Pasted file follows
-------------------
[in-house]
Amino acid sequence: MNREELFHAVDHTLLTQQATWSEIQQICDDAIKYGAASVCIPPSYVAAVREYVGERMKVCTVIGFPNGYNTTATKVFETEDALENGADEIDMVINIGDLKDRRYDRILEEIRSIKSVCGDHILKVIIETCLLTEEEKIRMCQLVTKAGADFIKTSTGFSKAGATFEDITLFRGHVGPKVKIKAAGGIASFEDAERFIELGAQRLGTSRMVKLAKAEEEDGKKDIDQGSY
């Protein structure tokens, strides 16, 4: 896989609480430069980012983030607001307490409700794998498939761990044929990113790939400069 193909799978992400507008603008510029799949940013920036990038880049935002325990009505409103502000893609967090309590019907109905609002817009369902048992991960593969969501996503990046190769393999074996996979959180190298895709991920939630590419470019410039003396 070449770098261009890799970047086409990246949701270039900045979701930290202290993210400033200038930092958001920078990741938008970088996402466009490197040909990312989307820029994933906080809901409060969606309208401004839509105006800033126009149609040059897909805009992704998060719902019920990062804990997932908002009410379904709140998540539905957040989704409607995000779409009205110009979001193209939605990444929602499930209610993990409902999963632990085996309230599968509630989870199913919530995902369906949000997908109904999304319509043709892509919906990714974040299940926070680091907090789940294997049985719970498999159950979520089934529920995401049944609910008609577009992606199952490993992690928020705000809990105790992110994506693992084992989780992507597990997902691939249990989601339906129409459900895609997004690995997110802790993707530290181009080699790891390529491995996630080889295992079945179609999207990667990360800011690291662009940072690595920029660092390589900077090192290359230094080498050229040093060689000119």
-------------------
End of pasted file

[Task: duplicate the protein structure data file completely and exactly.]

[in-house]
Amino acid sequence: MNREELFHAVDHTLLTQQATWSEIQQICDDAIKYGAASVCIPPSYVAAVREYVGERMKVCTVIGFPNGYNTTATKVFETEDALENGADEIDMVINIGDLKDRRYDRILEEIRSIKSVCGDHILKVIIETCLLTEEEKIRMCQLVTKAGADFIKTSTGFSKAGATFEDITLFRGHVGPKVKIKAAGGIASFEDAERFIELGAQRLGTSRMVKLAKAEEEDGKKDIDQGSY
């Protein structure tokens, strides 16, 4: 896989609480430069980012983030607001307490409700794998498939761990044929990113790939400069 193909799978992400507008603008510029799949940013920036990038880049935002325990009505409103502000893609967090309590019907109905609002817009369902048992991960593969969501996503990046190769393999074996996979959180190298895709991920939630590419470019410039003396 070449770098261009890799970047086409990246949701270039900045979701930290202290993210400033200038930092958001920078990741938008970088996402466009490197040909990312989307820029994933906080809901409060969606309208401004839509105006800033126009149609040059897909805009992704998060719902019920990062804990997932908002009410379904709140998540539905957040989704409607995000779409009205110009979001193209939605990444929602499930209610993990409902999963632990085996309230599968509630989870199913919530995902369906949000997908109904999304319509043709892509919906990714974040299940926070680091907090789940294997049985719970498999159950979520089934529920995401049944609910008609577009992606199952490993992690928020705000809990105790992110994506693992084992989780992507597990997902691939249990989601339906129409459900895609997004690995997110802790993707530290181009080699790891390529491995996630080889295992079945179609999207990667990360800011690291662009940072690595920029660092390589900077090192290359230094080498050229040093060689000119």